(You can find the beginning of our adoption story here.)
When Talitha arrived, only Abraham and Barnabas were living at home. Karsten and his new wife, Shelly, lived in Boston. Benjamin was in Georgia.
So it was a sweet time a couple of weeks later when all us were together for the first time. That called for a photo.
Ah yes. Family group photos. My children roll their eyes when I say, "Hey! We're all here. Let's . . ." They interrupt, with less enthusiasm,". . . take a picture."
Those photos become more precious to me now that all our sons are married and scattered. The times when we're all in the same place at the same time become more and more rare.
Perhaps we don't recognize the full value of family photos until we have lost one of those family members. I had no way to know, for example, in 1970 that the snapshots during a picnic with my family were the last images of my 16-year-old brother, Benjamin. He died a few months later in a car crash.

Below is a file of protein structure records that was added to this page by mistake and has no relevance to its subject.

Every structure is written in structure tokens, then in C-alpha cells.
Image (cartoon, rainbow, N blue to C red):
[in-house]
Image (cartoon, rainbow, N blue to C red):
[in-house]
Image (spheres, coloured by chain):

Then, two years ago, we lost our granddaughter Felicity. She was stillborn and there never will be a photo of her being enfolded by all of us. So now our whole-family photos will never be completely whole.
Each photo is a record, a reminder, of the changes in a family. I'm thankful that many changes are happy ones. Right now, there are 2 grandchildren who aren't yet with us in a whole-family photo.
Well, here's our whole family the first time we were all together with Talitha Ruth.
I think this is a good place to end this series. But what do you think about a new series? The new one would be about becoming a multi-racial family (and maybe a little about adjusting to having a girl).